Talks to restore Northern Ireland government break down


Talks to restore Northern Ireland government break down

Speaking on Wednesday, Arlene Foster said the talks failed due to disagreements with Sinn Féin about legislation for the Irish language.

But Ms Villiers insisted the success of failure of negotiations "ultimately depends on Northern Ireland's leaders and in particular its two largest parties, the DUP and Sinn Fein".

She urged the parties to "reflect" and think about the future.

But she said Sinn Fein's demand for an Irish Language Act to enshrine the status of Irish was not "fair and balanced" and did not respect "the unionist and British identity" of Northern Ireland's Protestants.

The British and Irish prime ministers met political leaders in Belfast on Monday, as the two main parties in Northern Ireland edged closer to unlocking a political stalemate that has left the region of 1.8 million people without a government for more than a year.

Mr Murphy told Radio Ulster that "good faith" that has existed during the negotiations "evaporated" with the DUP move.

Civil servants have been running Northern Ireland's rudderless public services since the last DUP/Sinn Fein-led coalition imploded last January in a row over a botched green energy scheme.

"At that time we advised the DUP leadership that the deal should be closed before those opposed to it could unpick what we had achieved", said the Sinn Fein leader.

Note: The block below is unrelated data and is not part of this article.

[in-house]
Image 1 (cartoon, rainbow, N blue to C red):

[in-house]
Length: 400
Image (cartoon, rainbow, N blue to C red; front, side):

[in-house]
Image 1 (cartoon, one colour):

That rift subsequently widened to take in more long-standing disputes over language, social issues and the legacy of the Troubles.

Britain's Northern Ireland Secretary, Karen Bradley, said in the absence of a Northern Ireland administration "other challenging decisions will have to be taken by the United Kingdom government".

"We had a way forward on all the issues", said Michelle O'Neill, the party's leader in Northern Ireland.

As it stands Mrs Bradley is under a legal obligation to call another snap election in Northern Ireland but few observers see the merit in such an option, given it would likely return the same political make-up and not resolve any of the outstanding issues.

"They have now collapsed this process". The DUP used a petition of concern to veto these bills, arguing that such legislation did not command enough cross-community support under the complex rules governing power-sharing in Northern Ireland.

Dublin TD McDonald said there would be no quotas on Irish speakers for jobs, nor would the language be forced on anyone.